Ferret Fact Service looks at the transport minister’s claim that Scotland’s railways have been left short by the UK government ignoring the funding formula.
For more see: https://theferret.scot/humza-yousaf-rail-funding-formula-ignored/
Hmmm. An interesting rating - again one that backs (or partly backs) the Scottish Government on a transport claim. And it is quite possible that - given the nature of the Westminster Government - the amount allocated to Network Rail in Scotland (and across the UK), is less now under the new structures than under the old ORR 11.17% figure. However, it is what we are NOT told that raises questions about Mr Yousaf’s statement.
He claims that the UK govt ‘has departed from our agreed funding formula’. And we can agree that this is partly true (whether the agreement lasted from 2005 to 2017 is, however, disputed).
It was true before the UK Government published its Memorandum of Understanding which outlined the fact that changes would be made in the funding process when Network Rail was to be reclassified as a public sector body. I don’t recall objection being raised then.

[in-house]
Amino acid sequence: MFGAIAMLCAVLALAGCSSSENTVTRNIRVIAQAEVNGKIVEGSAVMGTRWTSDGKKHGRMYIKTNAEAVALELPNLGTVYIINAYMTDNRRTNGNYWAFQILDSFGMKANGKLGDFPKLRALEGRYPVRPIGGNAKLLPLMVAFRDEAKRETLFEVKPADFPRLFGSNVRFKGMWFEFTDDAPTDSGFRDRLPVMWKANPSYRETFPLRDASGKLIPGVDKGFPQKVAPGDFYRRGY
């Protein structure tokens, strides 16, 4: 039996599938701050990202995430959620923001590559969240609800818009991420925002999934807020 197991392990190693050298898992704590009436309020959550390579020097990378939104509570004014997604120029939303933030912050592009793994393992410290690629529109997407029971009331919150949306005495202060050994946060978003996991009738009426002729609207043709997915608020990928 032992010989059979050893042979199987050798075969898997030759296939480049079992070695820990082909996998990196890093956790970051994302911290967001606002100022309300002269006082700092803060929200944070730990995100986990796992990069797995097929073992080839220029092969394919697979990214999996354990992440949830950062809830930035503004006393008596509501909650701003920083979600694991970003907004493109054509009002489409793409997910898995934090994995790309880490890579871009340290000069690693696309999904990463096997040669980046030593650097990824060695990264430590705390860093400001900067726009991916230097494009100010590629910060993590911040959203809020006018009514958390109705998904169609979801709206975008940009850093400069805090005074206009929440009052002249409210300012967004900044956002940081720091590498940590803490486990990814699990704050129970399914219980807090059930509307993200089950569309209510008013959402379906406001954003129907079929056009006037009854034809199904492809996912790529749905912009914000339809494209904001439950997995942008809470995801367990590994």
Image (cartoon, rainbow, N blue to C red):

Of course, at that time a decision may have been taken to wait and see what the new arrangements meant, particularly as there was also a promise in that document to discuss the new set up with the Scottish Government.
It may be that this discussion has never taken place - but that is a slightly different ‘fact’ to one of ignoring the funding formula.
Another point made in the FFS article is that the increase desired by the Scottish Government is at least partly, down to increased use of the railways in Scotland. But the aforementioned Memorandum also points out that increased use of the railways has occurred across the UK. We are not told, either by Mr Yousaf, The D of Transport, Transport Scotland or the FFS journalists whether the increase in use in Scotland is more or less than that across the UK. If the answer is considerably less, might that not be part of a reason for a different formula?
This might be seen as hair-splitting, but when you set yourself up to provide an independent fact-checking service, then it is incumbent to take all the factors into consideration, before pronouncing a questionable claim, ‘Mostly true’.